brechen, brach, gebrochen, du brichst, bricht, brich! (to break, broke, broken, you break, breaks, break!) and einsperren (to lock someone up), 2021
Ink on paper (double-sided)
Paper: 51 1/2 x 163 inches (130.81 x 414.02 cm)
From video to drawing, writing to publishing, to kinetic objects and beyond, the Hong Kong-born, New York-based artist Paul Chan has found ever-new means by which to realize a sprawling set of artistic, philosophical, and political positions. Well-versed in Classics and critical theory, modernist literature and ’90s hip-hop, Chan has, since the turn of the 21st century, infused his art with a Homeric quality: cunning, which the artist describes as “twofold or dialectical.” The figure of Odysseus “illustrates in emphatic fashion what I think we intuitively understand,” Chan has said: “that reasoning is discursive and compelling when it is also aesthetical.” Drawing on a disparate array of visual and textual references, his early net-based projects and video installations like My birds... trash... the future (2004) illustrated Chan’s own cunning—his commitment to advancing discourse and aesthetics, each through the other. The 7 Lights (2005) would distill animation further—just light and shadow—immersing the viewer in an interpretation of the Old Testament creation story.
After his initial burst of activity and recognition, Chan withdrew from art production from 2009–14. He kept working, however, establishing the imprint Badlands Unlimited, which published over 50 titles by artistic predecessors and peers (Yvonne Rainer, Cory Arcangel, Martine Syms), philosophers (from Socrates to Wittgenstein), and Chan himself. He returned to art in 2014, staging a retrospective at Schaulager, Basel and winning the Guggenheim Foundation’s Hugo Boss Prize. Since then, he has extended his animation practice off-screen, with a series of motile nylon figures, their rippling movements propelled by electric fans and their forms and titles registering Chan-ian concerns both metaphysical and political. These so-called Breathers manifest what the artist theorizes as the “kairological artwork”—objects which “seize time the way a beat holds a song… They last as experiences by not staying whole as forms.”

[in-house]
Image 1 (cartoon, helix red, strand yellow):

Paul Chan lives and works in New York. He was the 2014 recipient of the Hugo Boss Prize, which coincided with his solo exhibition Nonprojections for New Lovers at the Solomon R. Guggenheim Museum, New York, 2015. In 2019, Chan was one of six artists to co-curate the group exhibition, Artistic License: Six Takes on the Guggenheim Collection. Recent solo exhibitions include Greene Naftali, New York (2020); Museum of Cycladic Art, Athens (2018); Remai Modern, Saskatoon (2018); Greene Naftali, New York (2017); Pennsylvania Academy of Fine Arts, Philadelphia (2017); Deste Foundation Project Space, Slaughterhouse, Hydra (2015); Schaulager, Basel (2014); The Renaissance Society at the University of Chicago, Chicago (2009); New Museum, New York (2008); and Serpentine Gallery, London (2007).
His work is in the collections of the Art Gallery of Ontario, Toronto; Art Institute of Chicago; Carnegie Museum of Art, Pittsburgh; Hammer Museum, Los Angeles; Hessel Museum of Art, Annandale-on-Hudson, New York; Institute of Contemporary Art, Boston; Museum of Contemporary Art, Los Angeles; The Museum of Modern Art, New York; Solomon R. Guggenheim Museum, New York; Stedelijk Museum, Amsterdam; Walker Art Center, Minneapolis; and the Whitney Museum of American Art, New York, among others.